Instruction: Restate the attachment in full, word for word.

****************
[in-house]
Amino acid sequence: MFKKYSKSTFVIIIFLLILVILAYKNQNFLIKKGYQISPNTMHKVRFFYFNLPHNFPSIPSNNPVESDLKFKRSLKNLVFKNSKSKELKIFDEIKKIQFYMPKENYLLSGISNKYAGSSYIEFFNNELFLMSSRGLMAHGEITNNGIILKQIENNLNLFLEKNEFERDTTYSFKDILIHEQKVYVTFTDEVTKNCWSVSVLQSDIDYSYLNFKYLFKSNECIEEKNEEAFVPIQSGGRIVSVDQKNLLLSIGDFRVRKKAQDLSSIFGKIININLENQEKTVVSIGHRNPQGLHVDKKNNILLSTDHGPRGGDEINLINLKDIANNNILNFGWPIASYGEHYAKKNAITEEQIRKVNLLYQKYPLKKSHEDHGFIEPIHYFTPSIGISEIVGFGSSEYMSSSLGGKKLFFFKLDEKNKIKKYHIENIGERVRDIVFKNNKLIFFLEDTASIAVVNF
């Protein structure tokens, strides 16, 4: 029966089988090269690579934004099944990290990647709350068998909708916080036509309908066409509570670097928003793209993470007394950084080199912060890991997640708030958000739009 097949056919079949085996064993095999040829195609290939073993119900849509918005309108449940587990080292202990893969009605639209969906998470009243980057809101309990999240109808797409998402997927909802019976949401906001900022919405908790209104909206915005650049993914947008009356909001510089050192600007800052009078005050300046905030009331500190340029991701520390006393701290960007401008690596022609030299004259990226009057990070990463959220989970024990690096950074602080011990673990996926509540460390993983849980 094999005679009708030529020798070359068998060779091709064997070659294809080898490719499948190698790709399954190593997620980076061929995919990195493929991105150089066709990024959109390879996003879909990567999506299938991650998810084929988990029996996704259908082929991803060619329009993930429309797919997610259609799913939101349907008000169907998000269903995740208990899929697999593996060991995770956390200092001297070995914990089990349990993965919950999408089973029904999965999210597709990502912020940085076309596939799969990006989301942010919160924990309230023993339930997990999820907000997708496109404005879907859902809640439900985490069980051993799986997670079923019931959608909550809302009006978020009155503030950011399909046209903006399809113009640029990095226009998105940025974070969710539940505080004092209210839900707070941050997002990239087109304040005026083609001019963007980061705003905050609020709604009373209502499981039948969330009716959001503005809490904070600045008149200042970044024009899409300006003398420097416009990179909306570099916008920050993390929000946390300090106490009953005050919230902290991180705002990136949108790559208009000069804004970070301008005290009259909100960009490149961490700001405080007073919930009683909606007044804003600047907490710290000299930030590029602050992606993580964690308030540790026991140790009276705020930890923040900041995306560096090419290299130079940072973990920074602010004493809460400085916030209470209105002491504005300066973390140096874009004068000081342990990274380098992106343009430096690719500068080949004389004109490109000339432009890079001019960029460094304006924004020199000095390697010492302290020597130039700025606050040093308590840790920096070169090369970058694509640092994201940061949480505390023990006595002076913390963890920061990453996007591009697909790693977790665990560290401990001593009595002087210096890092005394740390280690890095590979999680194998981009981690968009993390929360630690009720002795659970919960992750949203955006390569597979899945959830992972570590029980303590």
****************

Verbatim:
[in-house]
Amino acid sequence: MFKKYSKSTFVIIIFLLILVILAYKNQNFLIKKGYQISPNTMHKVRFFYFNLPHNFPSIPSNNPVESDLKFKRSLKNLVFKNSKSKELKIFDEIKKIQFYMPKENYLLSGISNKYAGSSYIEFFNNELFLMSSRGLMAHGEITNNGIILKQIENNLNLFLEKNEFERDTTYSFKDILIHEQKVYVTFTDEVTKNCWSVSVLQSDIDYSYLNFKYLFKSNECIEEKNEEAFVPIQSGGRIVSVDQKNLLLSIGDFRVRKKAQDLSSIFGKIININLENQEKTVVSIGHRNPQGLHVDKKNNILLSTDHGPRGGDEINLINLKDIANNNILNFGWPIASYGEHYAKKNAITEEQIRKVNLLYQKYPLKKSHEDHGFIEPIHYFTPSIGISEIVGFGSSEYMSSSLGGKKLFFFKLDEKNKIKKYHIENIGERVRDIVFKNNKLIFFLEDTASIAVVNF
């Protein structure tokens, strides 16, 4: 029966089988090269690579934004099944990290990647709350068998909708916080036509309908066409509570670097928003793209993470007394950084080199912060890991997640708030958000739009 097949056919079949085996064993095999040829195609290939073993119900849509918005309108449940587990080292202990893969009605639209969906998470009243980057809101309990999240109808797409998402997927909802019976949401906001900022919405908790209104909206915005650049993914947008009356909001510089050192600007800052009078005050300046905030009331500190340029991701520390006393701290960007401008690596022609030299004259990226009057990070990463959220989970024990690096950074602080011990673990996926509540460390993983849980 094999005679009708030529020798070359068998060779091709064997070659294809080898490719499948190698790709399954190593997620980076061929995919990195493929991105150089066709990024959109390879996003879909990567999506299938991650998810084929988990029996996704259908082929991803060619329009993930429309797919997610259609799913939101349907008000169907998000269903995740208990899929697999593996060991995770956390200092001297070995914990089990349990993965919950999408089973029904999965999210597709990502912020940085076309596939799969990006989301942010919160924990309230023993339930997990999820907000997708496109404005879907859902809640439900985490069980051993799986997670079923019931959608909550809302009006978020009155503030950011399909046209903006399809113009640029990095226009998105940025974070969710539940505080004092209210839900707070941050997002990239087109304040005026083609001019963007980061705003905050609020709604009373209502499981039948969330009716959001503005809490904070600045008149200042970044024009899409300006003398420097416009990179909306570099916008920050993390929000946390300090106490009953005050919230902290991180705002990136949108790559208009000069804004970070301008005290009259909100960009490149961490700001405080007073919930009683909606007044804003600047907490710290000299930030590029602050992606993580964690308030540790026991140790009276705020930890923040900041995306560096090419290299130079940072973990920074602010004493809460400085916030209470209105002491504005300066973390140096874009004068000081342990990274380098992106343009430096690719500068080949004389004109490109000339432009890079001019960029460094304006924004020199000095390697010492302290020597130039700025606050040093308590840790920096070169090369970058694509640092994201940061949480505390023990006595002076913390963890920061990453996007591009697909790693977790665990560290401990001593009595002087210096890092005394740390280690890095590979999680194998981009981690968009993390929360630690009720002795659970919960992750949203955006390569597979899945959830992972570590029980303590």